XML-RPC is very similar to SOAP. The primary difference
lies in the fact that XML-RPC aims to makes the syntax for creating
procedures calls as simple as possible, while SOAP aims to resolve all
possible issues that might come up between clients that want to
communicate over a distributed computing environment. In particular, SOAP
makes extensive use of namespaces, and has well defined types, while
XML-RPC has a more sparse protocol that is less well defined. XML-RPC has
the advantage of being simple, and things that are simple usually work
better than things that are complex. I would suggest, however, that
XML-RPC is not necessarily as appealing a choice as it might at first
seem. The tools for creating Web Services are now so advanced that the
need to simplify the protocol is not particularly strong.
In future articles, I will show you how to create Web Services
without using AXIS. However, for now, this open source tool offers a
simple, well tested, and powerful solution to a complex problem. Axis
ships with JBuilder, so you will not need to install it.
Before we begin exploring the specifics about how Web Services
work, there is a need to discuss one more technology. You have learned
that Axis is an implementation of the SOAP protocol. Axis is designed
to run inside a container. In the examples I will show you, that
container is Tomcat.
Tomcat is a tool originally create to support Java Servlets and
JavaServer Pages. These latter technologies play a support role in Java's
implementation of Web Services. Axis can work with any valid Servlet
container, but it is frequently teamed with Tomcat. If you put Tomcat
and Axis together, then you have platform that can support Web
Tomcat is the official reference implementation for
JSP and Servlet containers. When other venders want to create a JSP or
Servlet container, Sun offers Tomcat as an example of how these containers
ought to behave. Other containers may be more powerful in terms of
performance, but Tomcat is the gold standard when it comes to defining how
such tools ought to behave. (In saying this, I do not mean to imply that
Tomcat cannot be used in a production environment.)
I like to think of Tomcat as fitting into a hierarchy of web based
server side tools. A simple Web Server such as Apache or IIS is meant
primarily to serve up HTML pages and to handle CGI based programs. A
Servlet and JSP container is more powerful in that it adds additional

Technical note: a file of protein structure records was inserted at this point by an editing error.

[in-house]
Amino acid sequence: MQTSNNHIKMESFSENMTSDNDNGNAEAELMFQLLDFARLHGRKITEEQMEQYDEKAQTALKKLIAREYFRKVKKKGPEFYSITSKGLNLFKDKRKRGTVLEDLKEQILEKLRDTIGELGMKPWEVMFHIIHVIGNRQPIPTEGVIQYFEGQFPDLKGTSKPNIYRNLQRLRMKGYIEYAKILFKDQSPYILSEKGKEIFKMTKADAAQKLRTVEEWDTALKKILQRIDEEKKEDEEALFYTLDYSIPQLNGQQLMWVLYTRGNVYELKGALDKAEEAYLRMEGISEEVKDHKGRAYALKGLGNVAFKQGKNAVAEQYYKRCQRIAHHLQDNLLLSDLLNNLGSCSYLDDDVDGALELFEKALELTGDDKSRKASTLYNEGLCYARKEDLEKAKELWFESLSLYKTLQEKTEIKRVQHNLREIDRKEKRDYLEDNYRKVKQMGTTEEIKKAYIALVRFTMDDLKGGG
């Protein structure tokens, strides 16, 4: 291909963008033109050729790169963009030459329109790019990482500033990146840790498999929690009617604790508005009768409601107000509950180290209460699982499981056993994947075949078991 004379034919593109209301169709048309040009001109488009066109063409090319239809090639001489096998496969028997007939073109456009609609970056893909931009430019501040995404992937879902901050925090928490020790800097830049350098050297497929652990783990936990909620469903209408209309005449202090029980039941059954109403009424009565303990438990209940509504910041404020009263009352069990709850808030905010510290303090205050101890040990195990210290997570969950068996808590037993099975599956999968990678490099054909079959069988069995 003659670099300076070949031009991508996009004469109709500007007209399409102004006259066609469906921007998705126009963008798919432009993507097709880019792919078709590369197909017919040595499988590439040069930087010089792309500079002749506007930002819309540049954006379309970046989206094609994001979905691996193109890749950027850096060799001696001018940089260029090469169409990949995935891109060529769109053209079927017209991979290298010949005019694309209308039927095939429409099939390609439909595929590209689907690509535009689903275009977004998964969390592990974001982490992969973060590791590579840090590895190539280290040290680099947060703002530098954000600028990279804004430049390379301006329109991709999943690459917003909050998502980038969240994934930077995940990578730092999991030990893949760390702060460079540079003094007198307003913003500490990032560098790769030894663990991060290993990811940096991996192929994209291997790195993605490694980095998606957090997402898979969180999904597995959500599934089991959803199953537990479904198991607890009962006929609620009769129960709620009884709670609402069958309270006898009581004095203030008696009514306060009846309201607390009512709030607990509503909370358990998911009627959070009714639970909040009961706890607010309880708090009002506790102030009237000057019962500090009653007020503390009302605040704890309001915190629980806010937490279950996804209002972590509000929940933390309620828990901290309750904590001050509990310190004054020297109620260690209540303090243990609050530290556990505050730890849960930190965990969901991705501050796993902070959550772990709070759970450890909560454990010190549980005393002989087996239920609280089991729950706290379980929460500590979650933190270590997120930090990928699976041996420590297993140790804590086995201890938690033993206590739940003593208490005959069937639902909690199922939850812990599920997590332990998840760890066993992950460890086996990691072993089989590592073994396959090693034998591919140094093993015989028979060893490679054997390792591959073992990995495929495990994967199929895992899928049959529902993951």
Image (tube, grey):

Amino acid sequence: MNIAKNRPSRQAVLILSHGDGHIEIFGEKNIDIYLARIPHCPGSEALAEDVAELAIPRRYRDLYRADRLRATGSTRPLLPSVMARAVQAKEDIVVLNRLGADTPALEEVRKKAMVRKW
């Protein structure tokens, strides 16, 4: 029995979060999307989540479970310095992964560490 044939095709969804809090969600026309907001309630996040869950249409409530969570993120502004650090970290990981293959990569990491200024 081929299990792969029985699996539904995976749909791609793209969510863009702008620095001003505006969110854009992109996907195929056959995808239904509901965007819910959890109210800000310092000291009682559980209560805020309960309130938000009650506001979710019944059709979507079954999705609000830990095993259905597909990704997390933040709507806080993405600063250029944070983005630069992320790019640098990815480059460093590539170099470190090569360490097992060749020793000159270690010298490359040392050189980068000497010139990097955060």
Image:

features such as the ability to keep objects in memory, and even to
compile code on the fly under certain circumstances. When combined with
Axis or another SOAP implementation, Tomcat can support Web Services.
One step further up the hierarchy from a tool like Tomcat are the full
blown Application Servers such as the open source tool JBOSS, or those developed by
big companies. Examples of these latter tools include the Borland Enterprise Server,
The IBM WebSphere
Application Server, or the BEA Web Logic Server. These tools generally do everything that
Tomcat does, and then more. In particular, they provide load balancing,
fault tolerance, transactions, resource pooling, caching, process
management, etc. You can think of these tools as a superset of what is
offered by a web server or by a tool like Tomcat. In fact, some of them
come with a copy of the Aphache Web Server, Axis and Tomcat. In a very
rough analogy, you can think of an Application Server being related to a
tool like Tomcat in much the way a Swiss Army Knife is related to a normal
The lines I have drawn here between web servers,
servlet containers, and application servers should be considered to be a
bit fuzzy around the edges. For instance, web servers typically add at
least a few features found in the other tools, and vice versa. But I think
it helps to have sense of what each of these tools can do.
The main point to get from this section, however, is that Java Web
Services of the kind we will be exploring are based on two large,
complicated technologies: Axis and Tomcat. Both tools need to be
installed on the server side before you can use the kind of Java Web
Services that I am about to show you.
Fortunately, JBuilder includes both Tomcat and Axis. These tools
should be set up automatically during the JBuilder install. The next
article in this series will explain how to set up these tools if you want
to work from the command line without the aid of JBuilder.
This is the first in a multi-part series on creating Web Services. The
part will describe a simple process for creating a Web Service, and
part describes how to deploy the Web Service in the Borland Enterprise